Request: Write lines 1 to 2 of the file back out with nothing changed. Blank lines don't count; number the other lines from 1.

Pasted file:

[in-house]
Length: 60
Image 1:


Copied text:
[in-house]
Length: 60